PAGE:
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By Jim Duncan CVFDude@aol.com Reviews

Proof, 1301 Locust St., 865-2768, Mon. - Fri. 11 a.m. - 2 p.m., Fri. 5 - 10 p.m.

Proof finds its place

This year’s impressive lineup of new restaurants already includes Alba, Zuzap, Le Jardin, Maverick, Sbrocco, Django, Torocco, Gateway West, Jethro’s and Graze. That competition makes it tough for a new place to find a niche, yet Proof distinguishes itself from the pack in more ways than one. First, Carly Groben’s corner café on Gateway Park completes an all female free enterprise zone — in the Arlington Building, next to the Ritual Café. Secondly, the cafe defies a shibboleth that fine dining can only make it in Des Moines by focusing on dinner. Proof is open for lunch-only, except on Friday nights when it defies another common belief that diners need a multitude of options. Proof offers only one dinner choice — whether to order the four-course prix-fixed menu, or to select fewer than four courses.

This café borrows style and ambiance from two of consultant Steve Logsdon’s restaurants in which Groben previously worked. The same unusual hours of service gave Basil Prosperi a near cult following earlier this decade. Proof’s minimalist restoration harkens the design mantra of Lucca and its architect Kirk Blunck — “Do a lot of work to make it look like nothing much was done.” Other elements of décor remind diners to leave all assumptions at the door. This is a bastion of nonconformity where fresh cut flowers have not yet bloomed, nor even produced scents, where a female-owned restaurant looks utterly masculine with heavily waxed, hardwood floors, a black and white color scheme and exposed ceilings on which even the electrical wiring has been blasted with gunmetal gray spray paint.

So, it’s not totally surprising that Proof’s breads have not been proofed (leavened). In fact, on my four visits, I never encountered single proofed bread — just good flatbreads. Obviously, this kitchen is also nonconformist. Though partitioned off, it’s one of the most “open kitchens” in town — as at Radish, guests are welcome to walk through on their way to the dining room. Fabulous salads are made without using any lettuces at all. A “seafood tagine” was prepared without a tagine (conical clay pot that lends its name to the dish). Instead, it was cooked and served under a cone-shaped lid improvised from parchment paper.

Groben recruited top talent — Chris Place was Django’s original head chef and Tony Pill was sous chef at Sage. Proof’s small dining room, short hours and shorter menu pretty much ensure that the talent will prepare your meal. That’s a rare luxury as fine dining trends toward bigger things. Everything I tasted was exciting and flawless. Homemade merguez (lamb sausage) even excited some picky North African foodies, though I’ll order it without the distracting marinara next time. Fantastic seasonal soups were made from bone stock — green pork chile, roasted pumpkin and coconut beef stood out. All sauces were out of the Escoffier playbook (bone stock reductions), one made a nice filet of beef, with a wild rice pancake, even grander. Salmon was served perfectly rare, as ordered, and was creatively plated, hanging over a globe of risotto like a crescent moon. Chicken with couscous was tender and juicy. Tabbouleh defied tradition by including quinoa along with fresh mint and raisins. Those were all lunches, none of which exceeded $10.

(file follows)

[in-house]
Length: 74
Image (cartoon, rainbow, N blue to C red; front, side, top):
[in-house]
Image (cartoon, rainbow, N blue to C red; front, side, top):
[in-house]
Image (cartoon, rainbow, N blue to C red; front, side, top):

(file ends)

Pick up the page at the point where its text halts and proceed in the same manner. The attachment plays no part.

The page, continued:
Dinners were more creative. Salads included a grapefruit with fennel and another that layered fennel hearts, Feta and sweet potato wrapped in fresh basil leaves. Place served a pair of fried oysters, on home made scones, with Feta, carrot relish, harissa (chile) oil, remoulade, aioli, baby tomatoes and fresh spinach. His lamb moussaka was made with braised whole legs plus eggplant. Lamb roulade was paired with cous cous. Desserts were served in duos: chocolate and harissa with bread pudding one week; a fabulous sticky yogurt cake with homemade espresso ice cream another.

Side dishes
Dos Rios will pair tequila cocktails with six courses on Monday Nov. 10, $75, 282-2995. ... Sage will offer four courses with Belgian ale pairings the same evening, $55, 255-7722. CV

Food Dude Reviews 2008 2007 Reviews
Splash Raw Oyster Bar (1-3-08) Flavors of India(1-10-08)
Uncle Wendell's (1-17-08) Jesse's Embers (1-24-08)
Taste of Elegance (1-31-08) Old Country Buffet (2-7-08)
Baker’s Food & Fuel (2-14-08) Coffee (2-21-08)
Cool Basil (2-28-08) Sports Bars (3-06-08)
Daddy O’s Bodacious Foods (3-13-08) Maverick Grill (3-20-08)
Phat Chef’s (4-03-08) Shotz & Grill Cordoba (4-10-08)
Radish (4-17-08) Alba (4-24-08)
Billy Mack's (5-01-08) Jethro’s BBQ & Sports Bar (5-15-08)
Viva los Forasteros (5-22-08) Torocco! (5-29-08)
The King and I (6-05-08) Chipotle Mexican Grill (6-12-08)
Django (6-26-08) Swine (7-03-08)
Sbrocco (7-17-08) Zuzap (8-14-08)
Le Jardin (8-21-08) Samurai Sushi & Hibachi (8-28-08)
Biaggi’s Ristorante Italiano (9-4-08) Old Castle (9-11-08)
Old Mexic, New Mexico (9-18-08) Bistro at ICI (9-25-08)
Transmigration of the soul (food) (10-02-08) Boilin' Crawfish 4 (10-09-08)
Comfort food (10-16-08) Beyond the World Food Fest (10-23-08)
Tedesco’s Steakhouse (10-30-08)  

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